edit: Comanche fell into a hole and has lost 40 miles to Wild Oats. The wind is meant to go westerly which should favour C but a 40 mile lead is going to be difficult to eat into. For the slower yachts still working their way down the mainland coast there is a 30 knot NEly forecast - which should prove a bit more testing but should not be too onerous.

They are talking of a WO finishing late tomorrow afternoon Oz time. So maybe midnight TF time.
Djbangi is offline  
Old 12-27-2014, 07:23 AM   #79
TF Site Team
 
Peter B's Avatar
 
City: Brisbane
Country: Australia
Vessel Name: Lotus
Vessel Model: Clipper (CHB) 34 Sedan/Europa style
Join Date: Jun 2008
Posts: 6,669
Send a message via Skype™ to Peter B
djbangi, what worries me is we still have maxi yachts like Investic Loyal suffering 'hull damage' and having to pull out, just bashing into a not-that-bad sea. You would think, after all these years of hi-tech carbon fibre construction, they would have got delamination, (the presumed issue), solved to the point of being a non-issue in anything but really extreme conditions. Yes, I guess they were pushing it, as they had apparently overtaken the leaders in the night, who presumably sailed a bit more conservatively. But all the same, it looks like they are building them a bit too flimsy in order to save weight these days.

Talking yachting however, as an aside as it were, that Volvo 65 hitting a coral island just northeast of Madagascar is a bit of a wake up call as to how important it is to not rely on electronic charts but to regularly compare with paper charts as well. I do, even out on Moreton Bay here. I always have the Beacon to Beacon map book open. It is better than charts, as updated yearly, although I have just heard this year is the last edition. That's sad.

Back to the Volvo race. Apparently they were not zoomed in enough for this coral atoll to show on the electronic GPS chart plotter, in the zoom state they were in it looked like an undersea mount apparently - until they hit it - hard..! I would have been marked on a chart for sure. Now they are faced with an enormous salvage problem. One thing they don't need there now is an anchor, I guess.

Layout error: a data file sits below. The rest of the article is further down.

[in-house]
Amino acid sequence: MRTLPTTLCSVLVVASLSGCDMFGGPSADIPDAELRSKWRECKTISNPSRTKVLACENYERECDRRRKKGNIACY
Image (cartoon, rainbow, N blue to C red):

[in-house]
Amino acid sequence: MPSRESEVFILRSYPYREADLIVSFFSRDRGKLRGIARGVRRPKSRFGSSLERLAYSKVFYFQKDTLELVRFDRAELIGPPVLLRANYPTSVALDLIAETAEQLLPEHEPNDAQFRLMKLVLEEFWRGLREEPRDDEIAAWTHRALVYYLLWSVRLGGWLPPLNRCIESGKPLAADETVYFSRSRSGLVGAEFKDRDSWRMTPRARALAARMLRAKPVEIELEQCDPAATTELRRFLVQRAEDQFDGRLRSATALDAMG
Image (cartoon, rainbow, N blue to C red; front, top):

Sorry thread hijack over.
__________________
Pete
Peter B is offline  
Old 12-27-2014, 07:26 AM   #80
Veteran Member
 
City: Wherever the boat is
Country: Europe
Vessel Model: 48 foot sailing Yacht
Join Date: Jul 2014
Posts: 92
Quote:
Originally Posted by Djbangi View Post
So if modern anchors need special treatment in thin mud (which is possible and might be advantageous) - again - I have never seen it documented and if this special way allows them to set, as well as a Fortress (or even Danforth) why has it never been mentioned?
In very soft mud Fortress themselves recommend a different setting technique for their anchors. The instructions can be found in the "Safe Anchoring Guide" which can be downloaded here:

Fortress Anchors – The World's Best Anchors! – Safe Anchoring Guide

It is worth reading even if you do not have a Fortress as is has some good general advice.

However, the very soft mud anchoring technique is a method specifically for Fortress and Danforth anchors. It is designed to open the blade of hinged anchors to allow them to set better in very soft mud.

" Some soft mud bottoms have a sticky consistency which makes it difficult to set an anchor. If soft mud setting problems occur, try setting the anchor initially at very short scope, for example 2:1. Then, increase the scope to at least 5:1"

It is not clear from the write ups I have seen, but it appears that Fortress did use this technique (on all anchors) for some of the trials.
__________________

Noelex is offline  
Closed Thread

Thread Tools
Display Modes

Posting Rules
You may not post new threads
You may not post replies
You may not post attachments
You may not edit your posts

BB code is On
Smilies are On
[IMG] code is On
HTML code is Off
Trackbacks are Off
Pingbacks are Off
Refbacks are Off





All times are GMT -5. The time now is 04:28 AM.


Powered by vBulletin® Version 3.8.8 Beta 4
Copyright ©2000 - 2017, vBulletin Solutions, Inc.
Search Engine Optimization by vBSEO 3.6.0
Copyright 2006 - 2012